Are Deer Pollinators?

Pollinators are any living or nonliving things that help with the pollination process, or the transportation of pollen grains from male plants to female plants. This article will help you learn about deer and answer the question: are deer pollinators?

Read more: What is Pollination?

Table of Contents

The Importance of Deer for Pollination

Are Deer Pollinators?

Deer (Cervidae) are herbivorous animals that eat leaves, twigs, nuts, grasses, mushrooms, fruits, and berries. They are considered one of the world’s “natural gardeners” because of their diet and feeding patterns. Deer not only plant seeds in different areas through their deposits, but they can also help with pollination. So, the answer to the question of whether deer are pollinators is yes.

are deer pollinators - young buck image
Source: Hammerchewer/Flickr

How Do Deer Contribute to Pollination?

When deer graze on plants and fruits, especially in the spring, pollen grains stick to their fur and spread to other plants as they walk around and feed on other plants in the area. Through this feeding activity, deer can contribute to pollination in a wide land area.

According to a 2010 study, there are more pollen grains deposited on stigma in deer-infested areas than in non-deer-infested ones. This shows that deer play an important role in the pollination process, benefiting the entire ecosystem. 

deer in field - are deer pollinators

Natural Habitat

Deer can be found in different countries around the world, and thus act as pollinators around the world as well. They are native to almost every continent except Australia and Antarctica. Today, many species of deer are being introduced to different habitats to replenish their population in certain areas, specifically for game hunting purposes. 

map of deer habitats - are deer pollinators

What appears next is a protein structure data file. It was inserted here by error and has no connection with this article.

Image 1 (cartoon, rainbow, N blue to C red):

Locations around the world where deer are natively found.
Source: Phoenix_B_1of3/Wikimedia

Deer may act as pollinators in a variety of different biomes, including wetlands, deciduous forests, grasslands, rain forests, arid scrublands, and mountains. Deer typically go to open fields during the spring to feed on fresh new vegetation, which is mostly where they pollinate.

Characteristics and Behavior

There are roughly 50 different species of deer reported, but the numbers are still uncertain due to the lack of data on historical evolutionary development and diversity, and a lack of accurate species categorization.

Deer can be very large or very small depending on the species. Pudus are considered the smallest deer, as they only grow to about t 35 to 38 cm and only weigh 7.5 to 13 kg. The largest species of the deer family is the Alaskan moose, which can grow up to more than 7 feet from hooves to shoulder, and can weigh up to 820 kg. While it’s less common, even moose can act as pollinators if they transfer pollen from one field to another.

Male deer or “bucks” commonly have antlers while female deer, “does”, have none, except for caribou and reindeers, for which both bucks and does have antlers.

Deer are social animals that wander and move in groups known as herds. A dominant male often leads a herd with several females. However, males and females may have separate herds sometimes. Deer are most active in the mornings, where they spend their time mostly searching and grazing for food, and thus pollinating.

It’s also important to note that deer directly benefit from pollination, because as herbivores, they depend on plants for food (and all plants rely on pollination to reproduce).